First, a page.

From You’ve Got Mail to Nollywood classics, Fopé Ajanaku explains what their favourite films have taught them about love in this extract from the anthology Black Joy.
Black Joy is a first of its kind anthology, exploring race, identity and belonging through love, community and pleasure. Curated and edited by Charlie Brinkhurst-Cuff and Timi Sotire, the book features 28 essays from Black British voices including author Faridah Àbíké-Íyímídé, Little Mix star Leigh-Anne Pinnock, and Britain’s first Black woman MP Diane Abbott. Each one focuses on the unique cultural makeup of Black Britishness by exploring everything from friendship and carnival to barbershops and food. This extract is taken from writer and youth worker Fopé Ajanaku’s essay “First Kiss: How I make space for remembering love”.
I think about kissing a lot. In the abstract sense, being close enough to someone to bestow a kiss is a fantasy I held on to with clenched fingers throughout lockdown. But, if I’m honest, I think about kissing in a very real and horny sense a lot more. Feeling the sweat of someone’s upper lip against yours, the clack of your teeth before you readjust into a smooth glide. Clammy hands tensing against your waist, relaxing if only for a moment to grip you closer when you press into them. The wet squelch of your tongues, and a fleshy bottom lip held between your canines. It’s intoxicating in a way that I cannot fully describe.
I constantly daydream about grabbing someone’s head closer to mine, the shorter hairs on the nape of their neck tucked away in my fingers. In movies, the orchestral accompaniment swells at a good finale kiss, but in my good and earnest opinion it will always pale in comparison to the real thing: the rhythm of their moans working in tandem with yours as you try to climb into each other, the percussion of your gasps leaving your lips in staccato bursts. A whispered plea, once, twice. You are a god and they are your supplicant. Praise and worship has never sounded so good – no film soundtrack can beat that.
Are you thinking about kissing? Did you pause to take a breath?
We don’t get to pause and think about love a lot, do we? As the eldest child of a single Black mother, there was never enough time. There’s always something to do. There’s always more surviving to do. We’ll think of love when we get there. My mum used to say, ‘That’s life, and life isn’t fair,’ whenever I complained, and it would infuriate me no end. Why can’t we spend eternity trapped bathing in what makes us feel alive?
Being in love is being in cahoots: the conspiring activity of people up to no good. It’s the best ploy or narrative device of them all, and only you and I are in on it. Don’t you love a secret? (Don’t you love a ruse?) You can create whole galaxies within a kiss, unearthed languages within a touch, and a shared ancient codex with your eyes. It is the best thing we have to offer in this bleak and quickly decaying society we call the present. Black people have refused to let go of love and clung on to it desperately throughout our entire history. I always think of the fact that even when enslaved, our ancestors still Black people have refused to let go of love and clung on to it desperately throughout our entire history had wedding ceremonies. Imagine that. The ceremonies were small and had no legal standing (since enslaved people were denied citizenship or the right of marriage), but they were soaked with tradition carried over oceans. The world right now feels as if it is getting older and meaner and harsher, and as Black people sometimes we need to remind ourselves of, to quote the indomitable Céline Dion, the power of love.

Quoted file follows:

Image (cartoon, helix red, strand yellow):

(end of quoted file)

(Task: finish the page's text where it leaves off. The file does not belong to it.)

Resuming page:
For as long as I can remember, I have been obsessed with the fantasy of love in all its manifestations. Films, books, TV shows – you name it, I have been there. Both tangible and immaterial, yet incredibly elusive, love is something I have spent the better part of my life sniffing out wherever and whenever I can. I yearned to be like the movie heroines, to have weak knees and be silly and giddy and in love.
It all started with one film. I remember clutching a beaded pillow to my chest when Nora Ephron’s Shopgirl (Meg Ryan) and NY152 (Tom Hanks) in You’ve Got Mail (1988) revealed themselves to one another and finally kissed. Meg Ryan’s tearful I wanted it to be you. I wanted it to be you so badly and that perfect pale blue dress and matching cardigan have lived on the top floor of my mind for over two decades now. They hold my heart entirely.